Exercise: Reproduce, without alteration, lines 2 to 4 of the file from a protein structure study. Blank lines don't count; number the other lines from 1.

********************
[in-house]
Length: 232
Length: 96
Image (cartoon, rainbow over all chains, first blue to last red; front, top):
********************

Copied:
Length: 232
Length: 96
Image (cartoon, rainbow over all chains, first blue to last red; front, top):